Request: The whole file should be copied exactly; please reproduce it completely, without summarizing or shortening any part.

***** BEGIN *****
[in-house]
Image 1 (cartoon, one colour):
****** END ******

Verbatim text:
[in-house]
Image 1 (cartoon, one colour):